Eye symptoms associated with seasonal allergies are caused when eyes come into contact with pollen that is released into the air by various plants. While it is impossible to prevent plants from releasing their pollen, it is possible to reduce your exposure to these irritating particles and to relieve your symptoms by taking a few simple preventive measures.
When you go outdoors
- Wear a wide-brimmed hat and sunglasses, even when it’s cloudy. They create a screen that minimizes the amount of pollen that gets in your eyes.
- If you wear contact lenses, use daily disposable lenses during pollen season or, alternatively, wear your glasses. Pollen tends to stick to the surface of contact lenses and can be hard to remove, even with careful cleaning.
Prevent pollen from getting inside your home
- Keep the windows in your home and car closed. Pollen particles are tiny, and can pass through window screens.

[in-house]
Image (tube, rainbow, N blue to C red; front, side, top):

- Clean your air duct and air conditioning filters on a regular basis.
- Dry your laundry indoors.
Adapt your activities
- Avoid all outdoor activities when pollen counts tend to be highest, i.e., between 7 a.m. and 1 p.m., when the weather is hot and dry, or when it is windy.
- Consult weather forecasting websites to check pollen counts by region when planning your activities.
Relieve your eye symptoms
- Always keep artificial tears handy. They are helpful for rinsing eyes and relieving symptoms. Keep a bottle in the fridge, as the effect of the cold liquid can help soothe itchiness.
- Apply cold compresses to eyes for ten minutes to relieve irritation and itchiness.
- If your symptoms are limited to your eyes (itching, redness, watering, feeling of sand in your eyes, etc.) try using allergy eye drops.
- An antihistamine or corticosteroid nasal spray may be useful if you have both eye and respiratory symptoms (sneezing, liquid nasal discharge, nasal congestion, etc.).
Consult your pharmacist: They can help you choose the right medication according to your symptoms and condition.